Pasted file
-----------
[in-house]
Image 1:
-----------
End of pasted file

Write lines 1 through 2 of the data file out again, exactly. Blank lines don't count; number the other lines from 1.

[in-house]
Image 1: